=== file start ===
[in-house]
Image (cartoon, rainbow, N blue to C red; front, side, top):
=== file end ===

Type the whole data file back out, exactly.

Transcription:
[in-house]
Image (cartoon, rainbow, N blue to C red; front, side, top):